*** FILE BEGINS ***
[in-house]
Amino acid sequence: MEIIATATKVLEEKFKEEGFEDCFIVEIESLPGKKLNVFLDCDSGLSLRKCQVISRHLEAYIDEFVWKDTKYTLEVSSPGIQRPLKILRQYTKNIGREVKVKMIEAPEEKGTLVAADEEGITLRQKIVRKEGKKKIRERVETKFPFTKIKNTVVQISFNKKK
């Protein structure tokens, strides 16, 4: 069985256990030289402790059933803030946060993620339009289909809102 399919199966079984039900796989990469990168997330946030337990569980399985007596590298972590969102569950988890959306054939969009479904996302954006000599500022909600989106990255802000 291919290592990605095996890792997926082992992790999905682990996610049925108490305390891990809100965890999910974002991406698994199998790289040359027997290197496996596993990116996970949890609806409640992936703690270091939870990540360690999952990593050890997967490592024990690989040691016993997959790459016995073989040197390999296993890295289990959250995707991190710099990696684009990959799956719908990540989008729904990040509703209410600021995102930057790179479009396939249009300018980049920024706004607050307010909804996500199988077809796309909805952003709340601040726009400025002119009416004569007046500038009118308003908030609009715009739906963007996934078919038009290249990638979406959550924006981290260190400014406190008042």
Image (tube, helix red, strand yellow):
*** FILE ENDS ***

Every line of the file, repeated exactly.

[in-house]
Amino acid sequence: MEIIATATKVLEEKFKEEGFEDCFIVEIESLPGKKLNVFLDCDSGLSLRKCQVISRHLEAYIDEFVWKDTKYTLEVSSPGIQRPLKILRQYTKNIGREVKVKMIEAPEEKGTLVAADEEGITLRQKIVRKEGKKKIRERVETKFPFTKIKNTVVQISFNKKK
């Protein structure tokens, strides 16, 4: 069985256990030289402790059933803030946060993620339009289909809102 399919199966079984039900796989990469990168997330946030337990569980399985007596590298972590969102569950988890959306054939969009479904996302954006000599500022909600989106990255802000 291919290592990605095996890792997926082992992790999905682990996610049925108490305390891990809100965890999910974002991406698994199998790289040359027997290197496996596993990116996970949890609806409640992936703690270091939870990540360690999952990593050890997967490592024990690989040691016993997959790459016995073989040197390999296993890295289990959250995707991190710099990696684009990959799956719908990540989008729904990040509703209410600021995102930057790179479009396939249009300018980049920024706004607050307010909804996500199988077809796309909805952003709340601040726009400025002119009416004569007046500038009118308003908030609009715009739906963007996934078919038009290249990638979406959550924006981290260190400014406190008042």
Image (tube, helix red, strand yellow):